Dear Dr. Hwang:
“How do you get kids to play outside if all they really want to do are play video games and be on the computer?”
There was a social/cognitive psychologist who claimed that teaching children about new ideas needed to occur gradually and likely over time. Lev Vgotsky viewed social interactions as a pathway towards learning. He believed that people, especially children learn best within a Zone of Proximal Development. He outlined three zones that children learn new behaviors within. But, one zone was identified as optimal.
Children, who have developed a habit or comfort level of staying inside, will require time to change this behavior. It is not realistic to expect that this behavior will change over night. At the same time, being outside, play and activity are important experiences in any child’s development. Children need to interact with each other, learn how to play, take turns, experience outdoor environments and soak up sun. An excess of sedentary behavior has increased the number of children identified as being obese, having childhood diabetes and a decreased social emotional skills. Playing outside is important. It’s as important as learning academic material.
Adults need to encourage children to join teams, participate in sports they enjoy and play with children. Initially, you may have to guide children who have spent too much time indoors about what there is to do outdoors. While it may seem obvious, some children may need ideas, modeling or a team before they feel comfortable? Telling kids to, “Go play outside,” may frustrate kids who don’t know what to do? Some children have grown accustom to guided activities and honestly do not know what to do with free time. Vgotsky referred to this stage of learning as the frustration stage. If humans become overly frustrated, they are more likely to give up and revert to old behavior. Consequently, it is optimal if children do not become too frustrated when they first play outside. They need to see the value of being outdoors. They may need you to join them, play with them or have a team, which will likely exhibit an enthusiasm for outdoor play.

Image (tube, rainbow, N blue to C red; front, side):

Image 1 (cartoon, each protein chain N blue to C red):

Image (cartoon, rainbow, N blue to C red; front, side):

While some children are eager to be outdoors most of the time, some are not. If a child is curious and have some desire to be outside, you may only need to give them simple instructions? Offering some easy instructions or direction may be enough encouragement to help them experience the value of outdoor play. Vgotsky stated that children at the instructional level can be given a task at their developmental level with some guidance, but should not be completely left on their own. He believed that children at the instructional level required some teaching or this presented a risk of throwing in the towel.
Once a child accumulates several positive experiences of being outside, they are likely at the level, Vgotsky labeled as independent. Children at this stage can be given a simple command, “Go play outside,” and they will. The desire is automatic and they know what to do. Developing this internal desire is worth it though.
Being in a new environment is attractive to some, but not all. More and more we resist being outside due to a habits of comfort. Even so, being outside and in nature increases psychological well being overall. Fresh air, sunshine and play are necessary for all of us to develop, take in nature and experience our environments. Adults who model a joy for outdoor living are more likely to have children who crave an outdoor environment as well. If you expose a child to something new, using the theory of, “Zones of proximal development,” may help increase the chances that the desired behavior you want will stick.
Kim S. Hwang, PsyD has a doctorate degree in Clinical Psychology. She is an adjunct professor at the Minnesota School of Professional Psychology. Email questions to [email protected]
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